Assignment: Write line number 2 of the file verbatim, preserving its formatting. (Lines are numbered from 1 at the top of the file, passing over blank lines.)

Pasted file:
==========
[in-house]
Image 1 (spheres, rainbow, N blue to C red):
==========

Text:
Image 1 (spheres, rainbow, N blue to C red):